Upcoming Sprout Film Festival brings sensitive touch of Rain Man to DuluthDustin Hoffman’s portrayal of an autistic sidekick to Tom Cruise in the film “Rain Man” received critical acclaim in 1998. Next week, Arc Northland is sponsoring a series of short films that portray everyday people who, unlike Hoffman, must take their developmental disabilities home after the shoot.
By: Thomas Vaughn, Duluth Budgeteer News
Dustin Hoffman’s portrayal of an autistic sidekick to Tom Cruise in the film “Rain Man” received critical acclaim in 1998. Next week, Arc Northland is sponsoring a series of short films that portray everyday people who, unlike Hoffman, must take their developmental disabilities home after the shoot.
Bridget Riversmith, co-founder and co-leader of Arrowhead Alliance of Artists with Disabilities, is one of those helping to coordinate the Saturday, Aug. 4 event.
“The films challenge the belief that being different means being less-than, not normal and excluded,” she said. “I feel that they affirm the belief that we’re all more alike than different and that what does make us unique is highly valuable and a source of joy, wisdom and beauty.”
ARC Northland selected the films through Sprout, a national organization located in New York City that provides programs for people with disabilities. Each year, Sprout sponsors a weekend film festival in New York that shows about 40 films selected from among more than 250 submissions. Those films then go into a library archive, from which local organizations, such as ARC Northland, may select films to screen on their own. In Duluth, the films will be shown in the Teatro Zuccone theatre at 222 E. Superior Street.
In Duluth, the selected films run from 2 to 27 minutes, with screenings beginning at 4 p.m. and 7 p.m. and lasting for 90 minutes. Each showing will offer a different set of films for viewing. Following each, Anthony Di Salvo, Sprout’s executive director, will lead a question and answer session.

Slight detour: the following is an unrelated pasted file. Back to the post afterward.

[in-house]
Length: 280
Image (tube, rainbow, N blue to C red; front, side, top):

“We’ve got some really amazing films that we’ve gathered over the past 11 years,” said Di Salvo. “If there’s any questions about the films, how they were made, what we’re trying to accomplish, what the person in the film is doing now, all those different things, we have a little discussion and a Q and A afterwards, which I think is always a lot of fun.”
Ten local area organizations collaborated with Arc Northland to make the festival happen. One of those is Goodwill Industries.
“We thought that the Sprout festival was a really good opportunity for us to … support the people with disabilities that are interested in not only attending the event, but learning how to do some of their own production and development of videos,” said Doug Carlson, assistant director at Goodwill.
Peggy Hanson is the director of the Minnesota Power Foundation, which is also a contributor.
“We believe it’s important to support these types of events which help raise awareness and inspire a dialogue on social issues,” she said. “This type of event brings together a diverse population of community members and provides opportunities to experience various forms
Di Salvo said the films are meant to be positive.
“Most people, when they think of film and relate it to disabilities, they think it’s going to be depressing and it’s going to be like, ‘Why would I want to see more problems? I have my own problems,’ but these films are very fun, up, enlightening, touching and in no way something that’s depressing and everybody’s going to be bummed out,” he said. “It’s the opposite. We hope that people will feel uplifted and entertained.”
For more information, visit the website www.sprouttouringfilmfestival.org or contact Laura Birnbaum-Singler at firstname.lastname@example.org or at (218) 726-4841. Tickets are $5 for a single viewing, or $8 for both viewings.